Last modified: 29 August 2013
Image: Graham Catley
Quarry sites throughout the UK are great places for birds of prey; the latest RSPB and CEMEX UK study has shown.
Teaming up with building materials company CEMEX in its national partnership, the RSPB asked quarry managers to complete a survey of the birds of prey they see at their sites.
Although the two most commonly reported species have not changed since the previous survey, buzzards have overtaken kestrels to take top spot; both reported at more than half the sites. Red kite and hobby sightings remained fairly constant; seen hunting at 15% of the quarries, whilst the occurrence of sparrowhawks has improved to 46%.
There was also good news regarding barn owls and peregrines, populations of which have been under pressure in recent years, with both species recorded at over a third of sites.
All of the species observed are fully protected in the UK and experts are excited to have them using these reclaimed habitats.
Sam Tarrant, RSPB quarry restoration advisor, said: “Due to their scale, quarry sites offer usually large open spaces with a good range of habitats suitable to these magnificent birds: from rocky ledges, ideal nesting sites for peregrine falcons, to rough tussocky grass, just the sort of habitat for the small mammals hunted by kestrels and barn owls.
“The sites can also provide a great range of other habitats including woodland, reedbeds, grassland, heathland and ponds. Historically, restored sites have provided many amazing places for wildlife in the UK.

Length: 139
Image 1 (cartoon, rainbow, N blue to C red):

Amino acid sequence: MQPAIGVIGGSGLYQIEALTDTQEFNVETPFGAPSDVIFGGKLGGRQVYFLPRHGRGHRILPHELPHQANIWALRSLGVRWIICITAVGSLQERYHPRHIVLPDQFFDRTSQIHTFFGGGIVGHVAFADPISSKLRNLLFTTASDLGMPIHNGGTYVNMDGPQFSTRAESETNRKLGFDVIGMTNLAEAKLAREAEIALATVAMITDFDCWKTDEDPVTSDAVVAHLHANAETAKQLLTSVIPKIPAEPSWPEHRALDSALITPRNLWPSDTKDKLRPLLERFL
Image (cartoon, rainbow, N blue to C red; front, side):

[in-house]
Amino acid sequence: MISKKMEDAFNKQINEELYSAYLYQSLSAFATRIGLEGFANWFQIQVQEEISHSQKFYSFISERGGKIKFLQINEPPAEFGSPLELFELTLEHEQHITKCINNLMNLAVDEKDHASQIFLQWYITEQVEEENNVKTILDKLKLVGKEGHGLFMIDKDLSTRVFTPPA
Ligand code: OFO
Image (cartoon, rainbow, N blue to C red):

“The CEMEX / RSPB partnership is a great example of industry and conservation working together to benefit wildlife.”
Being one of the largest building materials companies in the UK, and owner of the sites, CEMEX is proud they are giving nature a home on their sites. As part of CEMEX UK’s commitment to increasing biodiversity awareness within the company, a poster has been provided to all our quarry sites to highlight the importance of quarries to birds of prey.
Andy Barber, a CEMEX quarry manager says; “I have been working for Cemex for the past 20 years. I love to see the different species that visit the quarry. Over the years we have thought about our method of working and restored areas to accommodate some species particularly sand martins and little ringed plovers. I have seen a large and welcome increase in the buzzard and summer visitors include hobby which like to hunt the sand martins. We also had a visit from two red kites this year which was exciting.”
To find out more about wildlife on quarry sites and the RSPB’s partnership with CEMEX UK visit http://www.rspb.org.uk/supporting/corporate/supporters/benefactors/cemex.aspx
Nature in the UK is in trouble and some of our more familiar garden species are amongst those suffering serious declines. We can all help by giving nature a home where we live.
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